Looking at a person’s face, we may see their age, gender, ethnicity and perhaps get some idea of their environment – are they smoking, are they rich or poor, do they drink too much? The proteins in our livers, kidneys, intestines and brains also reflect such differences, and some of these proteins metabolise or transport the drugs we take. Drugs are usually tested on young, healthy, white men, and the doses calculated to be suitable for these volunteers may or may not be suitable for children, other ethnicities, smokers or pregnant women. For non-toxic drugs this doesn’t matter very much; everybody takes a small overdose and comes to no harm. But for many drugs and for some diseases or conditions, it can make the difference between a drug doing its job or doing nothing, or even between a drug doing its job or killing the patient. My research is aimed at profiling the drug-metabolising enzymes and transporters of different groups of people. My colleague Professor Amin Rostami then leads the effort to build systems models allowing us to predict the right dose of the right medicine for the right patient.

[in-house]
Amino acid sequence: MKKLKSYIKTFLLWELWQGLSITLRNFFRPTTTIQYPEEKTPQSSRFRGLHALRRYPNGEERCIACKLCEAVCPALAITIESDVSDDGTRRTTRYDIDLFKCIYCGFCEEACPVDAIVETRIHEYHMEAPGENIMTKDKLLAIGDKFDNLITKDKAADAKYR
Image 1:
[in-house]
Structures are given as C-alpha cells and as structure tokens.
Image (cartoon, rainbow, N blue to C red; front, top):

Jill Barber attended a South London comprehensive school and then studied Natural Sciences at the University of Cambridge. She completed a PhD in Bio-organic Chemistry at the same University, before moving to South Germany, where she studied Nuclear Medicine, early music and German. She settled in Manchester in 1986, with a permanent position in the School of Health Sciences, where she is a member of the Centre for Applied Pharmacokinetic Research. Her research focuses on Proteomics – characterising and quantifying the proteins responsible for drug metabolism and transport in humans. She still enjoys singing, playing violin and trombone, and rock climbing.